Blind. Deaf. Dumb. Insane. Crazy. Handicapped. Daft. Psychotic. Special needs.
These words are flung around so often, and in such ill-advised and misappropriated ways, it's easy to forget what they were actually intended to depict: People with ranges of physical, intellectual, cognitive, mental and other disabilities.
In fact, the problem is now so pervasive that the words are written into love song lyrics, movie scripts and deeply embedded within everyday words and phrases. The worst part? Most people don't even realize it.
The way we use such words is important, however, because it reinforces the bias, discrimination and outright demeaning behaviors and situations routinely encountered by people with disabilities. It's an experience summed up in yet another "-ism" plaguing broader society: Ableism.
Each of us can be more precise and intentional with our language. It's a small step, but one that can help minimize the lasting, damaging impact these words and phrases can have on people who navigate life with a more limited range of abilities. It's not about so-called political correctness; this is a conversation about respecting people with ranging abilities.
In many ways, ableism is so pervasive that many people — including those who work at media outlets — don't realize when they are being casually or overtly biased. Even as a person with a disability, I know that I have forgotten my own privileges in situations. Below are some of the ways we can be more cognizant about and precise with our language. Hopefully, it will also be a way to start raising some lasting awareness:
1. "That's just retarded."
The Black Eyed Peas' hit song, otherwise known as "Let's Get It Started" was originally recorded and released as "Let's Get Retarded."
Not only does Fergie sing the offending word in the chorus, Will.i.am and crew make multiple parallels between enjoying a wild night of partying to "getting stupid," "losing all intellect," allowing people to "walk you through it" and to "bob your head like epilepsy."
The song later became popularized as "Let's Get It Started" only because The Black Eyed Peas reworked the title and lyrics for the NBA in order to use it for promotional purposes during the 2004 playoffs. Not long after, it was given its own single and music video, which won the group a "Best Rap Performance" Grammy among three nominations, including Record of the Year.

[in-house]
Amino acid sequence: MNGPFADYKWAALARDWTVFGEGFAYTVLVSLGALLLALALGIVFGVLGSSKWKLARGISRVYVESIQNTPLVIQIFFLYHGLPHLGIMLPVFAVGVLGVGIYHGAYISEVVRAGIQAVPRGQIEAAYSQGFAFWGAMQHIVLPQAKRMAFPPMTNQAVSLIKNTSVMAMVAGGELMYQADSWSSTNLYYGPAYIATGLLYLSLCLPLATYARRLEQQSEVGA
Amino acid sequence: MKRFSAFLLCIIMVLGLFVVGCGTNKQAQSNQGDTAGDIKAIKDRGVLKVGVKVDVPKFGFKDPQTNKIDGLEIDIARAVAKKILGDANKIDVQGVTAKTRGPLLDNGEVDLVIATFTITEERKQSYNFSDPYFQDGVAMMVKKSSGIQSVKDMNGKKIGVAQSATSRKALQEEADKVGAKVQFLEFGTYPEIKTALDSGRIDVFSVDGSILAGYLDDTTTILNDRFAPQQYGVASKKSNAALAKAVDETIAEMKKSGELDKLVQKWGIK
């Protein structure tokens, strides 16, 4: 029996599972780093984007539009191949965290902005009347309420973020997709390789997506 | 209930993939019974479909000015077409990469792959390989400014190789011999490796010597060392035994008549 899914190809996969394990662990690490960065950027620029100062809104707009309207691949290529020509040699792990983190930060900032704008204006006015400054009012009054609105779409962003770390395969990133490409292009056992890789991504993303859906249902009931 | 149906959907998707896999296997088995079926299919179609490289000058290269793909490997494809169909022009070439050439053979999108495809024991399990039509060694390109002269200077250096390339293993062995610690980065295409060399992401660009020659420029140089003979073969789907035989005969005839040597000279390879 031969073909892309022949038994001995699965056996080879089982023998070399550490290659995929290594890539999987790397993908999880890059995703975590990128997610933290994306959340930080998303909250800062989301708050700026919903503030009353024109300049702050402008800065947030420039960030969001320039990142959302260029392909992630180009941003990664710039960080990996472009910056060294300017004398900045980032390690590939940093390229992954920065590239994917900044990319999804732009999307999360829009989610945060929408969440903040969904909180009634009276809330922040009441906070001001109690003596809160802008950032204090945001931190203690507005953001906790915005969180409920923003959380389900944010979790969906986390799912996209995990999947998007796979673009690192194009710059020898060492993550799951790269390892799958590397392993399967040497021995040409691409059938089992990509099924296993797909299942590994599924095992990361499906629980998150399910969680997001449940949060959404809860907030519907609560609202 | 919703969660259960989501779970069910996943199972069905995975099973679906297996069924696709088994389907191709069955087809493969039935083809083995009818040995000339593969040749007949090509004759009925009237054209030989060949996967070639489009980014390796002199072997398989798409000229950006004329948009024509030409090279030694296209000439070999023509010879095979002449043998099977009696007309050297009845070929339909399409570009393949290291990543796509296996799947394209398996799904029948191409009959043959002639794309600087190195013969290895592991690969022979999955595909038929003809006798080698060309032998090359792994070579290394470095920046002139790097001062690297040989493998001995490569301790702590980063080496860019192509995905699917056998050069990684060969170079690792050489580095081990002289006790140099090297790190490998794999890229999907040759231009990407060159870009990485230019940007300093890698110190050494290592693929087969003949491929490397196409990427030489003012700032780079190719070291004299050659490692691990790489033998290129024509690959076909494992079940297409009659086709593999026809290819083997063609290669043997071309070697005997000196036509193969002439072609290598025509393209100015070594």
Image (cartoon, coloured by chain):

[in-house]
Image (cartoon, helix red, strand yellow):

The main issue, which the band has yet to publicly address, lies in the fact that mental retardation is no laughing matter. In fact, the term itself isn't used as much anymore given how "retarded" has been perceived and appropriated by popular culture. Today, many cognitive and intellectual issues of ability described as a "developmental delay," an "intellectual disability" or more specifically as part of an "autism spectrum."
Whatever Fergie croons, whether it be a fun night on the town with or without alcohol, should never be equated to someone else's daily struggle.
2. "Why do you have to be so blind?"
Carrie Underwood may be considered one of America's sweethearts, but her 2012 Billboard No. 1 song "Good Girl" displays ableism at its most casual, particularly in an otherwise catchy chorus:
"Why? Why you gotta be so blind? Won't you open up your eyes. Just a matter of time 'til you find; he's no good, girl..."
Although "Good Girl" won Underwood a 2012 CMT Music Award for Video of the Year, the song is complicated by the comparison Underwood makes between not being able to physically see and a woman's inability to recognize that her man is a lying, no-good excuse for a lover. In fact, blindness is a real problem in the United States: According to the report for the 2012 National Health Interview Survey, 20.6 million American adults age 18 and older reported experiencing vision loss.
But Underwood's song isn't the only example of actual, physical blindness being misused as a metaphor for people misunderstanding certain behavior. In Destiny's Child's "Bad Habit," Kelly Rowland sings "Have you ever loved somebody, so much that you was just too blind to see past all of the pain they was causing you?" And in common vernacular, it manifests in how the term "blind" is used with regard to race, such as "race-blind affirmative action."
In this case, as with any other instance of ableist language, it's important to keep in mind a more linguistically precise alternative or two. Instead of describing something or someone as "blind," which is a physical issue of ability, one could say that someone "couldn't understand" something or that a certain process "is conducted without regard" for a particular characteristic.
3. "They're off their meds today."
It's a sentiment so many people have shared, whether to describe the boss who can't seem to stop ranting or the classmate who's very much having a bad day.
But does distemper or an unpleasant mood mean that person has a mental illness being treated through medication? Absolutely not.